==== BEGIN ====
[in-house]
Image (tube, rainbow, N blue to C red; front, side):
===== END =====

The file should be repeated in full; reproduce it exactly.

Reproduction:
[in-house]
Image (tube, rainbow, N blue to C red; front, side):